Yes, Hamilton can be and has been arrogant, but for every ouburst he’s made I’ve seen him be a good guy 20 times over (even at the time, people – more like early haters – were already calling Hamilton arrogant, and yet many others were saying how uncharacteristic the “monkeys” comment was). Every F1 driver has to have some arrogance (confidence inflated by success, in most cases, skewed as arrogance by biased detractors); they wouldn’t be there without it, the trick is keeping a lid on it and learning respect. Ever since Mika Hakkinen, you could accuse every F1 WDC of arrogance or obnoxiousness. Look at Lewis last year; at the first races he was complaining about the car, then made up for it for always attributing his successes to the hard work of the team. Massa, on the other hand, doesn’t seem to have learned at all. I lost a lot of respect for him when he talked about Spa 08 as if he won it without being gifted, then started to like him again after his supreme sportsmanshipbafter losing the WDC, but then he’s fallen back into arrogance, with the Alguesuari comments, his opening shots in the Alonso mindgames (he “would have” won the WDC if Renault – and by implication, Alonso – hadn’t cheated in Singapore, forgetting that maybe Hamilton’s bizarre conduct at Fuji and McLaren’s strategy in Brazil would have probably differed had Massa won in Singapore), and now these comments about backmarkers again.

          The difference between the two, I’d say, is that Hamilton has grown up and out of being a cocksure kid, whilst still having the faults of the most talented F1 drivers, and from here it remains to be seen which way he will go. Massa, as you say, simply seems to have grown into “the Ferrari way”, which doesn’t suit him at all, because otherwise he’s very likeable.

          1. I think Massa is truly arrogant though. He thinks everybody should just get out of his way. He has lots of these “why didn’t you get out of my way?” accidents.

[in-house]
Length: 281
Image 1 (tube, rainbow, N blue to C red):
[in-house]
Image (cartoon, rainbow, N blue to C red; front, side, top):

He rammed Bourdais while still having plenty of room when Bourdais was coming out of the pit.

            He blamed Sutil for not braking and letting Massa go ahead when Ferrari made a mistake and Massa was released too early in the European race.

            Maybe most famous was when he drove straight through Coulthard which elicited one of the best ever F1 quotes from Coulthard.

      2. Did you go to or watch the Spa Francorchamps race? It’s going to be very dangerous for 2 reasons. 1. Loads of rookies 2. Their cars are way way too slow. It was a shame for me to travel half way around the world to see Button and Lewis out after half a lap; fortunately no one was hurt.
        I understand the Ferrari hate, but that is actually a fair comment. This isn’t karting. People die here. 4 seconds is simply too much pace. They can practice and improve their cars at each weekend until they improve to within a reasonable gap.

        1. well then maybe the problem with f1 is not the competitors, but the rules that the new competitors have to comply with. So the problem is not how slow the slow cars are but how they will struggle to make thier cars faster and get them up to speed.

          i.e. no testing, limited wind tunnel time.

          the FIA should have allowed the new teams all of last year to test (as they could not participate at races) unlimited testing time for teams not competing in the current year. insted of having limited testing time on specific days

          1. I’d agree with that. The new teams should be allowed some in season testing for the first quarter of races.

    6. well massa has a point. there will be 2 cars that having been tested. full to the neck with fuel racing .if thats not danger whats is.. slow teams is not what most people wnt to see …forza ferrari massa for the championship ,,i love the ferrari bashers..

      ps hope young senna has a safe season

      1. Jarred Walmsley
        7th March 2010, 2:49

        I’m assuming you mean two cars that have not been tested in the form of HRT, as both Virgins and Lotuses have been tested?

      2. They will have had safety tests, it’s not like they’re going to explode on impact (at least I hope not). Something like Glock’s front wing episode would be dangerous during a race, but these things happen.

        Massa isn’t concerned about the danger, he’s worried he’ll get held up in qualifying. It’s not like that didn’t happen last year. In the end it’s down to the teams to get their timing right, if they’re running two seconds behind a new team on their out lap then that’s their own fault.

        1. “Something like Glock’s front wing episode would be dangerous during a race, but these things happen”